Discovery Channel Buying Revision3
It's been widely rumored and now it's official: Discovery Communications, which owns cable channels The Discovery Channel, TLC, Animal Planet, and more, has announced that it will acquire online video network Revision3.
Neither party is giving a purchase price. When Techcrunch first reported the acquisition talks on Monday, it said the price would be between $30 and $40 million, according to an anonymous source.
Revision3 was created in 2005 from ex-TechTV employees Kevin Rose and David Prager, along with Jay Adelson. It's found a lucrative niche in the gamer/techie audience, and now streams to 23 million unique viewers. Current Revision3 shows include "Tekzilla," "The Totally Rad Show," "Lifehacker," and "Epic Meal Time." The network's popular "Dignation" ended its run in January.
The acquisition seems like a solid fit for Discovery, which also serves an audience interested in science and technology.
The existing Revision3 leadership will stay in place following the acquisition, which should take place around June 1, 2012.
"Discovery's mission to ignite viewers' curiosity and its history of pioneering new platforms -- from cable to HD to 3D -- make it the logical leader in this explosive new wave of digital video growth," said JB Perrette, chief digital officer for Discovery Communications.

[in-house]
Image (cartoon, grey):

Looking to grow its presence online, Disney is buying one of the top multi-channel networks on YouTube, gaining Maker's 380M subscribers.
Two streaming subscription services, two very different futures, predicts a Rev3 exec at Streaming Media West.
Ever-increasing bandwidth, processor speed, and storage capabilities will revolutionize video in the next few years, Louderback says at Streaming Media East
Improve its Flash Player or build up its HTML5 player? Revision3's small engineering team was forced to make a choice.
After a "painful" development process, one of the web's leading video networks flips the switch on its HTML5 video player.
blip.tv, Revision3, and Next New Networks are spearheading a revolution in the way video content gets distributed online. So what makes them different from their television forebears?
Companies and Suppliers Mentioned